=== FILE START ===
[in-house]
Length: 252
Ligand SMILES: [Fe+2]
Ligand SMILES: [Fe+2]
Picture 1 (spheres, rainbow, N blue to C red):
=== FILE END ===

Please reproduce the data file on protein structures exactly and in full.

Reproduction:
[in-house]
Length: 252
Ligand SMILES: [Fe+2]
Ligand SMILES: [Fe+2]
Picture 1 (spheres, rainbow, N blue to C red):